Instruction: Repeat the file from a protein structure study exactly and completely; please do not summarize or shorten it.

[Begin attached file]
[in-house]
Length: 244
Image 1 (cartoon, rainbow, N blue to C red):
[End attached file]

[in-house]
Length: 244
Image 1 (cartoon, rainbow, N blue to C red):